5. You are an unnoticed voyeur at an intimate show. Lightning stabs the valley in unrelenting waves of bleeding power and explosive sound. The valley alternates between day and night by the fickle light of this passionate sky. You are having a staring contest against the trees on the slope of the mountain that is so many miles away; you resist the urge to focus or close your eyes and miss another strike at the heavenly forge. Each drop of the hammer creates and destroys a fractured, deformed bone of spontaneous electrical conduction. You feel your own bones resonate to the serenade of each successive volley of thunder. An invisible and magnanimous smith is resolutely pounding out the skeleton of meaning. He constantly scraps his work and reforms it anew, determined to create an impeccable support structure for the flesh of glinting reality to hang from. You taste the salt of beautiful, slow tears.

  6. On Storms

    You think of the ninth, you think of yourself as invincible. The storm seems like it can destroy all but is powerless against the ninth, because you’ve heard the ninth and you use it now to experience, contemplate but most importantly complement the storm. The forge, music and fear, is an encounter with the sublime. The sublime is art and danger, affective art and real danger. You understand it now but you realize that you’re a junkie. The sublime is a drug, you realize it now because you’re soaked to the bone, and the cigarette you were smoking, the only glint of light that cracked the eerie darkness was put out by the storm. It’s not enough; there can never be enough until the furies decide otherwise. You step forward challenge the storm and slip, wondering why there was no salt on the pavement.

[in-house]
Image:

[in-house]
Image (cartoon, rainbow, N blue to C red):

7. On Storms.

    In New Mexico the wind sweeps up the sides of sandstone canyons, turning hillsides into moon paper that silhouettes the sky. It gasps through the holes the sky peeks through, exposing the bones of the land and turning everything into dust.

    We drive through the desert. She is silent. I am silent. We have nothing to say to each other. During this dusk the lightning glints off the tips of sculptures, forging greens and purples and deep blues into the under bellows of the clouds that do not rain. There is nowhere to go.

    The salt of the heavy air, metallically poignant mirrors in our longings.

  8. On Storms:

    In New Mexico the wind sweeps up the sides of sandstone canyons, turning hillsides into moon paper that silhouettes the sky. It gasps through the holes the sky peeks through, exposing the bones of the land and turning everything into dust.

    We drive through the desert. She is silent. I am silent. We have nothing to say to each other. During this dusk the lightning glints off the tips of sculptures, forging greens and purples and deep blues into the under bellows of the clouds that do not rain. There is nowhere to go.

    The salt of the heavy air, metallicaly poignant mirrors in our longings.